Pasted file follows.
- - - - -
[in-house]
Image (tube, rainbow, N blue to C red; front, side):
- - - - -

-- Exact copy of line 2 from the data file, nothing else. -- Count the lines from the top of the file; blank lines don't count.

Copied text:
Image (tube, rainbow, N blue to C red; front, side):